There are now several school of thoughts (madh-habs) in Islam. They are following different Imams and the method of practicing the religion is slightly different. Basically the question is how people select their Imam and choose to follow him?

In Shia perspective for example, they follow the most knowledgeable, pious people after the Prophet (according to Shia of course) which is the holy household of the Prophet (12 Imams). They believe that the 12 Imams have said the same thing, one confirming the other and all confirm the true Sunnah of the Prophet. Shia people follow them because they think that these Imams are the most knowledgeable people on earth and give them the right guidance.

For Sunni people, there are 4 major schools of thoughts following 4 distinct Imams. Wahabism is sth new. All of them slightly different in Fiqh (how they practice Islam). For more information about their Imams rejecting each other see here, and here for example. Unfortunately in Persian (Farsi) or Arabic. I translate one: In helliatul Ulia: Imam Shafei says:

I looked at the Abu Hunaife book. It had 120 or 130 pages. 80 pages were about the prayer or ablution. These were either in contrary to Quran, Sunnah, different sayings, paradox or Qiyas.

You can also refer to Tarikh Khatib Baqdadi a Sunni scholor where he talks about Ahmad hanbal and Abu hunaifah.

Please explain to me, firstly, what is the method (criteria ) that people have chosen these 4 person in Sunnism? like knowledge, etc. Secondly, do Sunni people think that there is no body on earth more worthy of having those criteria? Because then that person is more worthy to be followed.

I hope the question is clear enough. I am more looking for Sunni answer, but Shia viewpoint on Shism and Sunnism is also encouraged.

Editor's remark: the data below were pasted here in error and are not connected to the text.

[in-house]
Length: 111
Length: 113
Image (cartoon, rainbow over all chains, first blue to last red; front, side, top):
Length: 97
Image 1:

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    all four schools of thought do have error in them for some reasons, one of them is that there wasn't many authentic Ahadith then there, so because now we have them collected in books we can see these errors clearly. I would recommend not to follow a Madhab and just go straightly by the Quran and Sunnah with the understanding of the Sahaba the the Tabi'een and Tab'utabi'een which includes the four Imams. As for who you learn from that is another question, this is not to be an answer rather it is a comment.
    – مجاهد
    Dec 23, 2012 at 14:40
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    @AlUmmat, Thanks for your comments. The question is updated to show how the Imams reject each other. The evidences are more than enough really. Also, the number of authentic ahadeeth were more back then. There had been many books then that we don't have them any more.
    – rowman
    Dec 23, 2012 at 17:23
  • no, there may have been many many hadeeths back then compared to now, but, the analyses of these hadiths whether they were sahih or da'eef weren't being done, the imams themselves did what they could, but scholars came after were more knowledgeable and specialized in analyzing them
    – مجاهد
    Jan 1, 2013 at 0:46
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    @rowman, I would want to differ in your understanding of the schools of fiqh. 1) There is no "Wahhabi" school of thought; this name has been given by orientalists to those Muslims who prefer going to the original sources and have formally been known as Ahl-ul-Hadith (or nowadays Salafi). 2) The Ahl-ul-Hadith are the oldest and most original of the lot since they were vehemently opposed to following opinions (as the Ahl-ul-Ray did) and preferred instead to follow the same maddhab of the Salaf-us-Saliheen, that is Qur'an and Hadeeth. Short space, so cannot go into too many details.
    – Najeeb
    Jun 21, 2013 at 9:25

1 Answer 1


Let me first correct some of the assumptions in your question before answering it.